Our Accident - Clear Spot
This may be of interest, as it has caused me some serious thought about modern car design.
3 weeks ago our 2000 Omega Elite Estate was shunted from the rear whilst stationary in a traffic queue - I suppose it had to happen after seventy odd years of accident free motoring between us.
Well, SO was alone in car but suffered only minor whiplash, she was at first unable to open the drivers door, but did manage in the end after some panic. All other doors remained jammed shut. Car has been inspected and written off, I have agreed settlement figure of £13000 plus I took out Gap insurance so I am not financially incovenienced. The third party has owned up to liability (their insurance company have also provided me with a replacement Omega 2.6 CDX of which I can't complain).
This was a fairly minor shunt in the scheme of things - I don't know the impact speed, but SO was able to hold the car on the brake and avoid it being pushed into the car in front.
But the car has been written off, the rear passenger doors being pushed under the front ones. I understand about crumple zones, but surely the passenger compartment should have been more intact, any higher impact and escape from the car would have been much more difficult.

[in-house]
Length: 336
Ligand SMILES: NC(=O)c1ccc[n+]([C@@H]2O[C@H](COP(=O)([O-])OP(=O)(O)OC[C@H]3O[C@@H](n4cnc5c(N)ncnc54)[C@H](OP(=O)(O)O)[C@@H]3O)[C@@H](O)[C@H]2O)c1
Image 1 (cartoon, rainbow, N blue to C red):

The Omega has a fairly decent crash rating I seem to rememeber, but does this mean anything except in a direct head on, or 90 degree side hit?
My replacement car? Well, I've put a deposit on a Volvo V70.
Any thoughts?
Our Accident - Dynamic Dave
Any thoughts?

Only one. What does the abrievation "SO" mean?
Our Accident - DavidHM
Significant Other probably.

Or She who must be Obeyed. No question of must be - it's just a face :-)
Our Accident - DavidHM
Fact. Confound this late night typing.
Our Accident - Blue {P}
Sorry to hear of the accident Clear Spot.

I suppose it depends on the car that hit you, and exactly how hard.

If you were pressing hard on the brakes (I know I was *very* hard on the handbrake whilst I was been hit from behind) then the weight of the car with hard braking may have made it virtually immoveable so the shell had to absorb all of the impact energy.

I wouldn't worry, it soinds as though it has done it's job perfectly, the car behind must have hit at a fair speed to do so much damage, and yet you only got minor injuries, besides, if it hit so hard, would you want the Omega back? ;)
Our Accident - SteveH42
It sounds like simple physics explains this.

When one car hits another, it attempts to impart some of it's momentum on the other car - same as those desk toys with the swinging balls. However, the purpose of brakes is to absorb momentum, so rather than the car being accelerated by this imparted momentum with only minimal damage, the momentum of the hitting car is disspated through the car that is hit.